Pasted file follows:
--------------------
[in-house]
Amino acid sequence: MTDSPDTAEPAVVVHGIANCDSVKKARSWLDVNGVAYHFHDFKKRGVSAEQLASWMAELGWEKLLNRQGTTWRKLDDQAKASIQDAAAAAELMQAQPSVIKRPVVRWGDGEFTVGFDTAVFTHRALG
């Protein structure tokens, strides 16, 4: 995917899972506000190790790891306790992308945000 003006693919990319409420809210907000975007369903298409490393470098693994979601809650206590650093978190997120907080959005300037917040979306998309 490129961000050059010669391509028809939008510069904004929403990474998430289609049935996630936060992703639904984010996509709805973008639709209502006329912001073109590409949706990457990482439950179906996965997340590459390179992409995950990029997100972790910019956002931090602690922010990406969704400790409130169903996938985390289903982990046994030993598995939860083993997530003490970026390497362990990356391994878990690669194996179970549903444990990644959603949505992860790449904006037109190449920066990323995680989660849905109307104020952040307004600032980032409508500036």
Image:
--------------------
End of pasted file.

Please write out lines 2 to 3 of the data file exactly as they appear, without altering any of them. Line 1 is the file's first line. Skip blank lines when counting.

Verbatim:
Amino acid sequence: MTDSPDTAEPAVVVHGIANCDSVKKARSWLDVNGVAYHFHDFKKRGVSAEQLASWMAELGWEKLLNRQGTTWRKLDDQAKASIQDAAAAAELMQAQPSVIKRPVVRWGDGEFTVGFDTAVFTHRALG
């Protein structure tokens, strides 16, 4: 995917899972506000190790790891306790992308945000 003006693919990319409420809210907000975007369903298409490393470098693994979601809650206590650093978190997120907080959005300037917040979306998309 490129961000050059010669391509028809939008510069904004929403990474998430289609049935996630936060992703639904984010996509709805973008639709209502006329912001073109590409949706990457990482439950179906996965997340590459390179992409995950990029997100972790910019956002931090602690922010990406969704400790409130169903996938985390289903982990046994030993598995939860083993997530003490970026390497362990990356391994878990690669194996179970549903444990990644959603949505992860790449904006037109190449920066990323995680989660849905109307104020952040307004600032980032409508500036």